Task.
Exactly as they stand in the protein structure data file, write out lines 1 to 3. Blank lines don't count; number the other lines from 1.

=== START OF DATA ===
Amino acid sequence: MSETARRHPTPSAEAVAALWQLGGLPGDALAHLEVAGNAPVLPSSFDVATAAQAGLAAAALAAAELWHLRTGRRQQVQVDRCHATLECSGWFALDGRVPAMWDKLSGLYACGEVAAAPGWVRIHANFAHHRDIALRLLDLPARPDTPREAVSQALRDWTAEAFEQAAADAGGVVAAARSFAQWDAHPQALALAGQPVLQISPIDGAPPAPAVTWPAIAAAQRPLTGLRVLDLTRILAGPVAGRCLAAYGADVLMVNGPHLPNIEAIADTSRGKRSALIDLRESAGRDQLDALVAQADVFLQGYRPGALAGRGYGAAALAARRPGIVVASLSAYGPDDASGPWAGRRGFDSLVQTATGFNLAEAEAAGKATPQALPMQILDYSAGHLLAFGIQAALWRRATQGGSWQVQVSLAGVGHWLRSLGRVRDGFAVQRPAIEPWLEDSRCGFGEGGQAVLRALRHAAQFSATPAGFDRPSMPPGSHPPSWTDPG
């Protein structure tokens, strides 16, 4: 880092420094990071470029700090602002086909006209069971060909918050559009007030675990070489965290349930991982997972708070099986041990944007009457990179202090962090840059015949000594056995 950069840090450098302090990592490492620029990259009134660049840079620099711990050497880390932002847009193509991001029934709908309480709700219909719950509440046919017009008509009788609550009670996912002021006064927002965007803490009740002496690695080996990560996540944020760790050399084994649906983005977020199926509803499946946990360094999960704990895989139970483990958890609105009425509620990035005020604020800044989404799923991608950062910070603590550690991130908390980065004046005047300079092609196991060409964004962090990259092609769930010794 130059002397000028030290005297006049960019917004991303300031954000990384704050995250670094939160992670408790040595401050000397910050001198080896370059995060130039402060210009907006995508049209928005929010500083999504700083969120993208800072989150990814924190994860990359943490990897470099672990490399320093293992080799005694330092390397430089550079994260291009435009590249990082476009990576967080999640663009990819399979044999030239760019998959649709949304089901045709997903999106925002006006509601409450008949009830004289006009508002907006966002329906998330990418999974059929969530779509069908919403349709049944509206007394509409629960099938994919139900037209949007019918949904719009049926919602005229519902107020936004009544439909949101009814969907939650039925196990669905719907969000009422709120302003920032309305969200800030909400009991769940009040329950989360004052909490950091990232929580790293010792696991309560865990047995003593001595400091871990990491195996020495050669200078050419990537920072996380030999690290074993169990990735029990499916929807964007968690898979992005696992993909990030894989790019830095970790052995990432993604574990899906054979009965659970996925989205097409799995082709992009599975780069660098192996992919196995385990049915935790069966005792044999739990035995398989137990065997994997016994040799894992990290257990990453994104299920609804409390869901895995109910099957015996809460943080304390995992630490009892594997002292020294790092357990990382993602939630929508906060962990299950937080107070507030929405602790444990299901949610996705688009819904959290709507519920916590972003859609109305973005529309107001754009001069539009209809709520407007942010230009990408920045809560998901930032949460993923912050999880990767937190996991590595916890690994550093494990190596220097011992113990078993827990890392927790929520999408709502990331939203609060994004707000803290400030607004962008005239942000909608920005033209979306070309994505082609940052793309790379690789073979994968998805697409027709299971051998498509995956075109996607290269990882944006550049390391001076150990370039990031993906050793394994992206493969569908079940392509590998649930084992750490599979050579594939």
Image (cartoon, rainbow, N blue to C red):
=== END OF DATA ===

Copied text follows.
Amino acid sequence: MSETARRHPTPSAEAVAALWQLGGLPGDALAHLEVAGNAPVLPSSFDVATAAQAGLAAAALAAAELWHLRTGRRQQVQVDRCHATLECSGWFALDGRVPAMWDKLSGLYACGEVAAAPGWVRIHANFAHHRDIALRLLDLPARPDTPREAVSQALRDWTAEAFEQAAADAGGVVAAARSFAQWDAHPQALALAGQPVLQISPIDGAPPAPAVTWPAIAAAQRPLTGLRVLDLTRILAGPVAGRCLAAYGADVLMVNGPHLPNIEAIADTSRGKRSALIDLRESAGRDQLDALVAQADVFLQGYRPGALAGRGYGAAALAARRPGIVVASLSAYGPDDASGPWAGRRGFDSLVQTATGFNLAEAEAAGKATPQALPMQILDYSAGHLLAFGIQAALWRRATQGGSWQVQVSLAGVGHWLRSLGRVRDGFAVQRPAIEPWLEDSRCGFGEGGQAVLRALRHAAQFSATPAGFDRPSMPPGSHPPSWTDPG
């Protein structure tokens, strides 16, 4: 880092420094990071470029700090602002086909006209069971060909918050559009007030675990070489965290349930991982997972708070099986041990944007009457990179202090962090840059015949000594056995 950069840090450098302090990592490492620029990259009134660049840079620099711990050497880390932002847009193509991001029934709908309480709700219909719950509440046919017009008509009788609550009670996912002021006064927002965007803490009740002496690695080996990560996540944020760790050399084994649906983005977020199926509803499946946990360094999960704990895989139970483990958890609105009425509620990035005020604020800044989404799923991608950062910070603590550690991130908390980065004046005047300079092609196991060409964004962090990259092609769930010794 130059002397000028030290005297006049960019917004991303300031954000990384704050995250670094939160992670408790040595401050000397910050001198080896370059995060130039402060210009907006995508049209928005929010500083999504700083969120993208800072989150990814924190994860990359943490990897470099672990490399320093293992080799005694330092390397430089550079994260291009435009590249990082476009990576967080999640663009990819399979044999030239760019998959649709949304089901045709997903999106925002006006509601409450008949009830004289006009508002907006966002329906998330990418999974059929969530779509069908919403349709049944509206007394509409629960099938994919139900037209949007019918949904719009049926919602005229519902107020936004009544439909949101009814969907939650039925196990669905719907969000009422709120302003920032309305969200800030909400009991769940009040329950989360004052909490950091990232929580790293010792696991309560865990047995003593001595400091871990990491195996020495050669200078050419990537920072996380030999690290074993169990990735029990499916929807964007968690898979992005696992993909990030894989790019830095970790052995990432993604574990899906054979009965659970996925989205097409799995082709992009599975780069660098192996992919196995385990049915935790069966005792044999739990035995398989137990065997994997016994040799894992990290257990990453994104299920609804409390869901895995109910099957015996809460943080304390995992630490009892594997002292020294790092357990990382993602939630929508906060962990299950937080107070507030929405602790444990299901949610996705688009819904959290709507519920916590972003859609109305973005529309107001754009001069539009209809709520407007942010230009990408920045809560998901930032949460993923912050999880990767937190996991590595916890690994550093494990190596220097011992113990078993827990890392927790929520999408709502990331939203609060994004707000803290400030607004962008005239942000909608920005033209979306070309994505082609940052793309790379690789073979994968998805697409027709299971051998498509995956075109996607290269990882944006550049390391001076150990370039990031993906050793394994992206493969569908079940392509590998649930084992750490599979050579594939």
Image (cartoon, rainbow, N blue to C red):